Tuesday, March 10, 2015

Tile underlayment and saving money on delivery....

When we finally got the tiles up, we'll admit that the floor wasn't perfectly smooth. Yes in my infinite wisdom I tore up the tiles in the kitchen   We did what we could to get it smooth but just to make sure we decided to install a product called Ditra.  It's a tile underlayment, attached to the concrete with thin set.  It also addresses hairline cracks in the concrete, so that when the tile is installed, it doesn't end up cracking.  It serves as a buffer between the concrete and the tile.  I learned that your tile floor actually moves over the course of the day, with humidity, heat, it expands and contracts.  Who knew?  This took two days to put down.  The first two strips used the mortar that I purchased at the tile distributor, then we ran out.

So we picked up a bag of Custom unmodified thin set.  You can see the gray color, that's the new mortar. 

Looking good! One more strip but it's time for me to go home, before we left, we were noticing areas that were rippling, and we put heavy things on the seams to ensure that it stuck.

After inspection, the new mortar didn't stick, not at all.  That is bad
I am not pleased.  This means that all that grey mortar needs to be scraped up.  More dust, more blisters.  I posted a question over at Floor Elf, who has a nifty website for DIYers putting down tile, and Roger has been very helpful.

Here we are almost done scrapping up the bad stuff it was such an ordeal, tomorrow we will clean and do nothing else

So onto more pressing issues.  Once I bought the tile, I was quoted $400 to have it shipped to the house.  The tile store that had it closer would have charged me $250, but the tile was $1 more a square foot, what's a girl to do, so $150 cheaper for shipping, $750 more expensive for the tile. 

Hauling the tile in my car
 My car is rated for 1,800 lbs, the tile was 4,378 lbs.  A Ford F150 is rated for 1,600 to 2600 lbs.  The tile came on two pallets, one with 240 pieces = 2,400 lbs. the other with the remainder.  Add 10 bags of mortar 50 lbs each, 2,900 lbs.  Avis rental with unlimited mileage, $125, gas $80 = $205 and the fun of driving a really tall truck.  Once the pallet was securely fastened, and that is really important, you do not want that pallet shifting behind you, it was a race to get the truck rented, loaded, unloaded and back in time to not go over the 24 hour rental.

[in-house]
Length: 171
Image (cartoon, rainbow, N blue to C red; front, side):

This would mean 9 hours driving

8:30 am pick up truck
9:30 am pick up tile and mortar - this took much longer than I anticipated.  We could only get 1 pallet on the truck.
10:30 am start driving really slowly avoiding the brakes at all costs.  I have a new found respect for truck drivers.

3:00 pm arrive & unload
4:30 pm start back
7:00 pm Get pulled over because your tail lights are out. After I explained that it was a rental and didn't know how to turn the lights on. he explained that you essentially have to reboot the car.  He said that the tail lights don't automatically come on if you've been driving from day into night.  It took us 5 minutes to get the lights on.
9:30 pm Return the rental
10:00 pm Home 

The tile store will store the tile for free for two weeks without incurring storage fees, so the rest of the tile will be picked up in two installments. 
I'll have really nice arms after packing the next two 900 lbs hauls.

I dream of a mani pedi and massage.... zzzz


celkalee said...

While I have always had infinite respect for your design and sewing skills your dedication to this projects brings that to another level! Your hard work will be rewarded in the end. And there will be muscle definition. Love the chronicle of this project.

ELMO said...

You are kind celkalee, this is less dedication and more obsession :) My arms are amazing.